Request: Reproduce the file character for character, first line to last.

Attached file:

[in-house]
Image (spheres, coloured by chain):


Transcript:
[in-house]
Image (spheres, coloured by chain):